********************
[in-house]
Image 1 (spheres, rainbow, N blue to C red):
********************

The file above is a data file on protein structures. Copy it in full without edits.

[in-house]
Image 1 (spheres, rainbow, N blue to C red):